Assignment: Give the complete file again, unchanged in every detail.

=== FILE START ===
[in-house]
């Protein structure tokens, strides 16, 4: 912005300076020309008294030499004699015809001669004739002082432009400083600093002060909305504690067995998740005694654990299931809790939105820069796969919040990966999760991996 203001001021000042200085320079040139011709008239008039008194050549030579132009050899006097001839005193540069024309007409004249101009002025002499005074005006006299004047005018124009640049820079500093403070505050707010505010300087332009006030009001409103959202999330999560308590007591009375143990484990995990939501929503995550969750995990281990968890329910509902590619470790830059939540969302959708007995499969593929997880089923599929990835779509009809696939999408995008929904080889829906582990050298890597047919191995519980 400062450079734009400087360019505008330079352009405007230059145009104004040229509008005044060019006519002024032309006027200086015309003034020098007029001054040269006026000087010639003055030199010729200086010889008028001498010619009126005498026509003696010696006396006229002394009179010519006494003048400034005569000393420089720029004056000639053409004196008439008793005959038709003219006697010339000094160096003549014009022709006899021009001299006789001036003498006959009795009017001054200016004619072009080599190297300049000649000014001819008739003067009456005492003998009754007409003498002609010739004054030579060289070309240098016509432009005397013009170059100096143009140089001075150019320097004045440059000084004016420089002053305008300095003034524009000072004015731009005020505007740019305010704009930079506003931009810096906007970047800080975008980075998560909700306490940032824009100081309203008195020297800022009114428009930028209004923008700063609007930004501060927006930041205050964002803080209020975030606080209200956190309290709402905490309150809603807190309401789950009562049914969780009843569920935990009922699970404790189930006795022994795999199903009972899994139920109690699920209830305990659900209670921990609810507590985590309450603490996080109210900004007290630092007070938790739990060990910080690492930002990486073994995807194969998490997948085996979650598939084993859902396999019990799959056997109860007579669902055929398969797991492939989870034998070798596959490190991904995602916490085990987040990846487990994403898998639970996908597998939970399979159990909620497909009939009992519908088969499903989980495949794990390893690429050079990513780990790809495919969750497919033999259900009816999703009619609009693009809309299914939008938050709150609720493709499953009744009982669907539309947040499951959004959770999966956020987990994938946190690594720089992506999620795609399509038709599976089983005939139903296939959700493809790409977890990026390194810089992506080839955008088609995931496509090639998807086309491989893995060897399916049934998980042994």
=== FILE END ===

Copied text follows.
[in-house]
């Protein structure tokens, strides 16, 4: 912005300076020309008294030499004699015809001669004739002082432009400083600093002060909305504690067995998740005694654990299931809790939105820069796969919040990966999760991996 203001001021000042200085320079040139011709008239008039008194050549030579132009050899006097001839005193540069024309007409004249101009002025002499005074005006006299004047005018124009640049820079500093403070505050707010505010300087332009006030009001409103959202999330999560308590007591009375143990484990995990939501929503995550969750995990281990968890329910509902590619470790830059939540969302959708007995499969593929997880089923599929990835779509009809696939999408995008929904080889829906582990050298890597047919191995519980 400062450079734009400087360019505008330079352009405007230059145009104004040229509008005044060019006519002024032309006027200086015309003034020098007029001054040269006026000087010639003055030199010729200086010889008028001498010619009126005498026509003696010696006396006229002394009179010519006494003048400034005569000393420089720029004056000639053409004196008439008793005959038709003219006697010339000094160096003549014009022709006899021009001299006789001036003498006959009795009017001054200016004619072009080599190297300049000649000014001819008739003067009456005492003998009754007409003498002609010739004054030579060289070309240098016509432009005397013009170059100096143009140089001075150019320097004045440059000084004016420089002053305008300095003034524009000072004015731009005020505007740019305010704009930079506003931009810096906007970047800080975008980075998560909700306490940032824009100081309203008195020297800022009114428009930028209004923008700063609007930004501060927006930041205050964002803080209020975030606080209200956190309290709402905490309150809603807190309401789950009562049914969780009843569920935990009922699970404790189930006795022994795999199903009972899994139920109690699920209830305990659900209670921990609810507590985590309450603490996080109210900004007290630092007070938790739990060990910080690492930002990486073994995807194969998490997948085996979650598939084993859902396999019990799959056997109860007579669902055929398969797991492939989870034998070798596959490190991904995602916490085990987040990846487990994403898998639970996908597998939970399979159990909620497909009939009992519908088969499903989980495949794990390893690429050079990513780990790809495919969750497919033999259900009816999703009619609009693009809309299914939008938050709150609720493709499953009744009982669907539309947040499951959004959770999966956020987990994938946190690594720089992506999620795609399509038709599976089983005939139903296939959700493809790409977890990026390194810089992506080839955008088609995931496509090639998807086309491989893995060897399916049934998980042994």